Archive for November, 2013

Screentrade Magazine Will Have Insights And Maybe A Photo Or Two

November 21, 2013 1 comment

This post is from February 2007.

The Empire Cinema was built just before WW1. In its time it was used for many types of performance, not just film, for example: opera, musicals, school concerts and music hall.

Having been born in 1945 I twice a week walked to the cinema from Unthank Terrace, New Brancepeth, during the years 1952 and 1953.The half a crown that I got from my generous grandparents every Sunday funded two sixpenny performances – with lots of change to spare for ice cream.

The first film might involve a plot in stunning Africa and then later in the week I thrilled at the wagon train threatened by the Apache nation or some other tribe. When the drums stopped it did not look good for the wagon train! My favourite actor was Jimmy Stewart – he was a fine real life war hero as well as an actor.

Looking back I can see that some of the films were blatant propaganda, for example the Red Indians were just fighting to retain land that was rightfully their own. The cavalry [including John Wayne’s character if applicable] were agents of the American state and in the wrong. That of course was too subtle for an eight year old.

In about 1957 the Empire seats were reupholstered. The result was a fine gold colour and really posh.

I always found it difficult to decide whether or not to dash out of the cinema when God save the Queen was played at the end of the performance.Most people did dash out. I think I stayed in my seat for about 75% of the time.I stayed out of some vague respect for the monarchy [all a bit Victorian and Edwardian I suppose].

I do recall, that as an eight year old, I felt that the ‘older’ women that entered the cinema seemed rather tired and wan, despite their careful Saturday make-up. I suppose that was down to their daily responsibilities, lack of a washing machine ,lack of a hoover and a need to be awake all hours to attend to their shift working husband and sons who were coming or going to the mine.

I bet many romances started or were enhanced by the cinema experience. I know that Jack and Doris Easter met at the Empire in the early 1940s. Jack asked whether he could climb over some seats to sit in the last available seat in the cinema. Next to him he found Doris, his future wife.

There is an account of the history of the Ushaw Moor Empire in the Spring 2004 edition of the ‘Screentrade’ magazine. As it would cost seven pounds and fifty pence, including postage and packaging to get it, I have declined to do so. Still I hope we have got by with this article.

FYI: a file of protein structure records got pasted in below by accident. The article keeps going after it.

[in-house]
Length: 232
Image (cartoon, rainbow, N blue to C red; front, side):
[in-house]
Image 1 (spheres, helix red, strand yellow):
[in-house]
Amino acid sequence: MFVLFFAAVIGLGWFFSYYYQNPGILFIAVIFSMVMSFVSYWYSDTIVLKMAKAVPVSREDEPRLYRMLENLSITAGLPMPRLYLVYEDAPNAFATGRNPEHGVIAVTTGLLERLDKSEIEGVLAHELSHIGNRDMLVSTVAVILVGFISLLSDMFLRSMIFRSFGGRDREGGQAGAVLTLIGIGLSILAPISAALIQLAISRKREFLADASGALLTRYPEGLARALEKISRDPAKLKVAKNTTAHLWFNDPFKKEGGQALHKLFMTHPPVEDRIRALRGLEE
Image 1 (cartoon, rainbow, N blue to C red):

Categories: Memories

The Empire Cinema – Photo Request ?

November 20, 2013 2 comments

Anyone got any photos of the Empire Cinema in Ushaw Moor, later known as the Winnings. I managed to get a couple of STILLS off the Harry’s Half Crown Video but are pretty low quality.

Empire Cinema Ushaw Moor – Ushaw Moor Memories PAGE on FB

Empire Cinema - Ushaw Moor - Taken from Harry's Half Crown

Empire Cinema – Ushaw Moor – Taken from Harry’s Half Crown

Empire Cinema - Ushaw Moor from Harry's Half Crown

Empire Cinema – Ushaw Moor from Harry’s Half Crown

Thomas Stephenson Oxley Puzzled Me [But Not For Long] Plus Your School Days

November 11, 2013 1 comment

During a browsing of the brilliant Durham Mining Museum I seemed to stumble across details of a double Ushaw Moor pit tragedy on January the fourteenth 1936, but after a brief pondering I became positive that only one death occurred at the pit that day. The unlucky miner was Thomas Stephenson Collinson not a Thomas Stephenson Oxley. 

The museum records that that Mr Collinson [39] was a coal hewer travelling outbye on a level putting road. He had almost reached a wooden separation door when the door swung back and struck him, fracturing his skull. The door had swung open due to a putter pushing a full tub against it.

It is reasonable to suppose that the recording of the death of Thomas Stephenson Oxley on the same day, also aged 39, is simply an honest mistake. A rare muddle. Same age and same forenames make it too much of a co-incidence.

There was a Bill Oxley working at the pit at the beginning of the 20th century. I know that because the Durham Record Office has him suffering a pit accident on the 12th of May 1902 , but as for Thomas Stephenson Oxley he remains a bit of a mystery.  

Moving on how were your school days? I ask that question because of a recent thoughtful article by Hilary Wilce published in the  I newspaper. She pointed out that:

‘Love and security feed a host of qualities great learners need, including the ability to be open and receptive, to be willing, and to feel connected”.

She also pointed out that that children need resilience, self- discipline, honesty and courage. Were you supplied with sufficient love, support and parental perception to enable you to develop such qualities?    






Categories: Memories

Trying to find a school friend, Patricia Stiles nee Baker – By Jill Rose

November 5, 2013 1 comment

Came across this post on the Community BLOG, hopefully someone may be able to help.

I am trying to find a school friend, Patricia Stiles nee Baker. I have located Sharon McCreesh, who is possibly her daughter, in your town but have no other way to find out if she is. Can you help in any way to verify that Sharon is her daughter? If she is would Sharon be willing to contact me. I’m using my maiden name so Patricia would know who she is talking about.

Thank you for any help you can give me and her schoolmates at Godolphin and Latymer in Hammersmith, London who would love to hear from her.

Jill Rose